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There are at least two Bald Eagle nests (Haliaeetus leucocephalus) at Occoquan Bay National Wildlife Refuge, the location where I take many of my wildlife photos. One of them is located adjacent to a popular trail and most years the authorities close nearby trails during eagle nesting season. There has been a lot of construction at the refuge over the past few months and, although I saw an eagle couple at that nesting site on several occasions, it looks like they may not have occupied that nest this year (and the trails have not been closed).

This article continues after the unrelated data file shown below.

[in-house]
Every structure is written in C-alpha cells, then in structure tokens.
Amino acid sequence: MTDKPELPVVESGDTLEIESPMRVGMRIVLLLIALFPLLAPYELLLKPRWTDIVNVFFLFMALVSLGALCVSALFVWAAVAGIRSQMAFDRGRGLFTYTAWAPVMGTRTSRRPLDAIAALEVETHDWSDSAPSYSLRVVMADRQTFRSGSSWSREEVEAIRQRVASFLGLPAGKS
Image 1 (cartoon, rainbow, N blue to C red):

The second nest, pictured below, is in a more remote location—it is visible through the trees from one of the trails, but is surrounded by dense vegetation, so the eagles are more insulated from human activity. On a recent visit to the refuge, I was pleased to spot both members of an eagle couple in the nest. I am pretty sure that the eagle on the left is the male, because male eagles tend to be considerably smaller than their female counterparts.

With a bit of luck I hope to be able to spot some eaglets here in the upcoming months, although I noted last year that it is a real challenge to do so, because the wall of this large nest appear to be quite high and effectively hide the eagles from view.

Bald Eagle

© Michael Q. Powell. All rights reserved.